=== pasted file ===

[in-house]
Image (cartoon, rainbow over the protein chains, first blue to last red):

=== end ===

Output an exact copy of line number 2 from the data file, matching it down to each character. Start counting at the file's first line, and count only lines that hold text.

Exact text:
Image (cartoon, rainbow over the protein chains, first blue to last red):